I would assume that when I use the Serial Monitor to issue a command to the Arduino, it's the same mechanism as the application is using, correct? That is, the command is still going over the USB cable to the board just like the application, then getting the board's response in the same manner as the app. If this is the case, then it pretty clearly isolates the problem with the application, and I'll ask over on the RealBasic forums if they have an idea of what's going on. But if the Serial Monitor is doing something special, then it doesn't necessarily rule out the Arduino, right?

Because people have asked, I'll post the code from the Arduino below. I don't think anything is wrong with it though, since it works perfectly in the Serial Monitor, even under a stress test scenario, where I pummel the Arduino with "readSensors" commands over and over in rapid succession.

//set up array for sensor state
int sensorState[9]; 

void Transport::readSensors(){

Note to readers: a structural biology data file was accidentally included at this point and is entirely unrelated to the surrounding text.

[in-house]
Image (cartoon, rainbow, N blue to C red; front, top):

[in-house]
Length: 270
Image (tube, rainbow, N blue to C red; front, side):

sensorState[0] = digitalRead(gateOpenSensor);
 sensorState[1] = digitalRead(gateClosedSensor);
 sensorState[2] = digitalRead(leftPerfSensor);
 sensorState[3] = digitalRead(rightPerfSensor);
 sensorState[4] = digitalRead(leftFilmTensionSensor);
 sensorState[5] = digitalRead(rightFilmTensionSensor);
 sensorState[6] = digitalRead(rotaryEncoder);
 sensorState[7] = digitalRead(cameraPlatformUpSensor);
 sensorState[8] = digitalRead(cameraPlatformDownSensor);

 int i;
 String serializedSensorData = String("SENSOR_DATA|");
 for (i = 0; i < 9; i = i + 1) {
    serializedSensorData += i;
    serializedSensorData += ":";
    serializedSensorData += sensorState[i];
    if (i != 8){  //Prevent a trailing underscore in the serialized string
       serializedSensorData += "_";
    }
 }

 Serial.println(serializedSensorData);
}

In the Arduino's main loop, the incoming serial commands are parsed as described in the link in my first post in this thread, and the appropriate function is called. In this case, transport.readSensors()